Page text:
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Design of efficient nanoparticles for skin decontamination towards Chemical Warfare Agents – NanoDeTox

Submission summary

Chemical warfare agents (CWA) such as the nerve agent VX (organophosphorous OPCs) and the vesicant sulfur mustard (organochlorines OCCs), have been used recently in conflicts, but also in terrorist acts targeting civilian. Liquids or droplet aerosol forms of CWA can be absorbed through the skin, but also by many other organs such as the eyes, or the respiratory tract if there is no sufficient protection of the body surface. The first signs of percutaneous intoxication appear quickly in the form of severe functional disturbances at respiratory, cardiovascular, muscular, pupilar, digestive levels for OPCs and blistering of the skin followed by deep ulcerations for OCCs. These disturbances can lead at last to death. Body surface decontamination is therefore crucial to prevent victims poisoning. It reduces the amount of contaminant on the skin surface and thus, decreases the penetration rate and the extent of intoxication. Different decontaminant systems are currently available for skin decontamination. Some systems act by adsorption and displacement of the toxic agent such as Fuller’s Earth (FE) and other systems act by neutralization (chemical degradation) such as the Canadian Reactive Skin Decontaminant Lotion (RSDL). However, these procedures do not eliminate the toxic contaminant, which may disqualify them for use in enclosed spaces and in cases where the waste disposal cannot be ensured. Chemical procedures decompose or convert toxic substances to non-toxic or less toxic products. Generally, the reagents are suitable for a specific group of contaminants (a few are universal). Because of the shortcomings of all current decontamination methods advances in technology are necessary to increase the effectiveness of decontamination methods towards several toxic agents. The aim of the project will be to develop a universal product efficient against several CWAs, easy to handle and lost cost. New types of decontamination agents such as nanocrystalline metal oxides have been recently introduced that exhibit adsorption but also an ability to typically degrade hazardous chemicals and CWAs. The application of cerium oxide, the most abundant rare earth, has been rarely mentioned in literature but it is efficient against CWA simulants even if the mechanisms are not elucidated. Nanoparticles with specific habits and controlled granulometric distribution and non-aggregated will be designed by two main methods: Pulse Laser Ablation in Liquids and Solvothermal Synthesis Process. Both methods allow tuning the habits of particles. The main objective of this part is to correlate the physicochemical properties of particles to their degradation efficiency. Then, new materials will be designed and finally formulated. The in vitro efficiency of particles to degrade OPCs and OCCs simulants will be ranked. Finally the decontamination efficiency of the better formulations will be tested on skin explants according to the AFNOR guideline to lead to a prototype and a proof-of-concept.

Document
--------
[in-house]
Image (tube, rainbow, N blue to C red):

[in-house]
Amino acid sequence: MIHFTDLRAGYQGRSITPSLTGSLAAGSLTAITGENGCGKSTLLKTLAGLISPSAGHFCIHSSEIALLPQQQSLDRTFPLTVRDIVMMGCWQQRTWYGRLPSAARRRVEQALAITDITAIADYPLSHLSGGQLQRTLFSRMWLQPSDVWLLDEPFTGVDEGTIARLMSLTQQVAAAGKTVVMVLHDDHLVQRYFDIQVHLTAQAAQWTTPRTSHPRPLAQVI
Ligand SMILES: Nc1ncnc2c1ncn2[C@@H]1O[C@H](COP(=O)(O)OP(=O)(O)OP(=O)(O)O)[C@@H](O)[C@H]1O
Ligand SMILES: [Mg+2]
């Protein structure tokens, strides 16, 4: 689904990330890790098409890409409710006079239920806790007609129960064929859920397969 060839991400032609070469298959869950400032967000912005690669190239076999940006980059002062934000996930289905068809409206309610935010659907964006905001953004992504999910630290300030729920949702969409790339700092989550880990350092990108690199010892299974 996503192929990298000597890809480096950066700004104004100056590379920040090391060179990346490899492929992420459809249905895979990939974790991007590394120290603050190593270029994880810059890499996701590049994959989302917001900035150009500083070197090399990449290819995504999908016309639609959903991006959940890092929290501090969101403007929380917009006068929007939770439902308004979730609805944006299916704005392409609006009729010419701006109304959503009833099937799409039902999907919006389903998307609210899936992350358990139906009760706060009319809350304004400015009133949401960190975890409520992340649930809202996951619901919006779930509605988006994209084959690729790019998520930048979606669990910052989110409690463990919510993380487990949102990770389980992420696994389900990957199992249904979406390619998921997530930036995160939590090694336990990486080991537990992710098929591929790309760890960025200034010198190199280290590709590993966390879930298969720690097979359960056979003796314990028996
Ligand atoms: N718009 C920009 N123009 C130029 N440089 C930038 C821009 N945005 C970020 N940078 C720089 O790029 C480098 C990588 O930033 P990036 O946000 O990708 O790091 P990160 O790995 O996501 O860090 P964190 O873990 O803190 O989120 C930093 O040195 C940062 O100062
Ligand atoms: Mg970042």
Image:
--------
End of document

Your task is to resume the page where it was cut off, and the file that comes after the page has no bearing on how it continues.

Project coordinator

Madame MARIE BOLZINGER (Laboratoire d'Automatique et de Génie des Procédés)

The author of this summary is the project coordinator, who is responsible for the content of this summary. The ANR declines any responsibility as for its contents.

Partner

ENS de Lyon / LCH Ecole Normale Supérieure de Lyon / Laboratoire de chimie
MATEIS Insitut National des Sciences Appliquées de Lyon - Matériaux : Ingéniérie et Sciences
ILM Institut Lumière Matière
LAGEP UMR CNRS 5007 Laboratoire d'Automatique et de Génie des Procédés

Help of the ANR 285,120 euros
Beginning and duration of the scientific project: - 36 Months

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